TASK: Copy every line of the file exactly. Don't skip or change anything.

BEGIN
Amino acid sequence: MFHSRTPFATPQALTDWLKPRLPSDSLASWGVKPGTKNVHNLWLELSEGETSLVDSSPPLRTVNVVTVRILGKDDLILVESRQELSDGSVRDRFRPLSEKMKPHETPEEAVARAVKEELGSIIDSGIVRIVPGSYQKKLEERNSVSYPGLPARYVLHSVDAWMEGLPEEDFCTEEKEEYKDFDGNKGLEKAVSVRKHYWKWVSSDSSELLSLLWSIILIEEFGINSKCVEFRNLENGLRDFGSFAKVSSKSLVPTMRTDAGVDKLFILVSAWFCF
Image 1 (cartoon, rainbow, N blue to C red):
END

Amino acid sequence: MFHSRTPFATPQALTDWLKPRLPSDSLASWGVKPGTKNVHNLWLELSEGETSLVDSSPPLRTVNVVTVRILGKDDLILVESRQELSDGSVRDRFRPLSEKMKPHETPEEAVARAVKEELGSIIDSGIVRIVPGSYQKKLEERNSVSYPGLPARYVLHSVDAWMEGLPEEDFCTEEKEEYKDFDGNKGLEKAVSVRKHYWKWVSSDSSELLSLLWSIILIEEFGINSKCVEFRNLENGLRDFGSFAKVSSKSLVPTMRTDAGVDKLFILVSAWFCF
Image 1 (cartoon, rainbow, N blue to C red):